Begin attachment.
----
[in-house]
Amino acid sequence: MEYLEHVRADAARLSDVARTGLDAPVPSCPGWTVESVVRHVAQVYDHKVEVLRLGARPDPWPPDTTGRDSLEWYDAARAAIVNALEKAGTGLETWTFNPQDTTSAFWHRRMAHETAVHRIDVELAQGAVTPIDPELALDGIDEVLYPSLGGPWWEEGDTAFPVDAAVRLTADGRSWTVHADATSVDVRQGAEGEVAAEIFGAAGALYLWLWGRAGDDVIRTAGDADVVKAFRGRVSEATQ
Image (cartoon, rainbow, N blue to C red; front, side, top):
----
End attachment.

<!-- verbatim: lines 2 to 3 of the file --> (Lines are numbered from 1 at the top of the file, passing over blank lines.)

Amino acid sequence: MEYLEHVRADAARLSDVARTGLDAPVPSCPGWTVESVVRHVAQVYDHKVEVLRLGARPDPWPPDTTGRDSLEWYDAARAAIVNALEKAGTGLETWTFNPQDTTSAFWHRRMAHETAVHRIDVELAQGAVTPIDPELALDGIDEVLYPSLGGPWWEEGDTAFPVDAAVRLTADGRSWTVHADATSVDVRQGAEGEVAAEIFGAAGALYLWLWGRAGDDVIRTAGDADVVKAFRGRVSEATQ
Image (cartoon, rainbow, N blue to C red; front, side, top):